“We’re getting used to this new, ‘I’m going to assess my risk; I’m not going to just live in my house,’ ” Dr. William Sharp, an associate professor of psychology at Northeastern University, said. “I would say with 99 percent certainty, these [conversations] are going to come up.”
Sharp said he recommends people establish mask ground rules and parameters prior to setting up any social gatherings, so that everyone is on the same page when meeting face-to-face for the first time in what may feel like ages.
“Talking helps,” said Sharp, who has a private psychoanalytic practice in Brookline. “It’s all that we can really do: state what we really want.”
He said that if someone is worried about how much risk they’re willing to tolerate, they could say, “Hey, yes, let’s absolutely meet for that al fresco dinner. I’m going to be wearing a mask and I think it’d be great if we all did.”
“At least you can go into it already knowing,” he said.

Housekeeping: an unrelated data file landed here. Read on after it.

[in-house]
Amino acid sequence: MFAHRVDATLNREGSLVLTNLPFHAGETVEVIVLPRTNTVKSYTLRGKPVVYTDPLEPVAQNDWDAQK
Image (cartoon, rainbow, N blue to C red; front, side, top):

Alyssa Bilinski, a PhD student in health policy at Harvard’s graduate school of arts and sciences, has been confronting the coronavirus and mask-wearing both as a researcher and as a self-described “person who wants to have a normalish life.”
When it comes to extending outside of the confines of home, and reconnecting with friends again, Bilinski also stressed the importance of keeping an open dialogue with others, and asserting intentions off the bat.
“We really need to empower people with tools to talk about these kinds of behavioral approaches to COVID-19 and have those conversations in an open way,” she said. “Part of that, as we think about bubbles and things like that, is to make sure that people are really honest with each other and talking about what level of risk the group is taking.”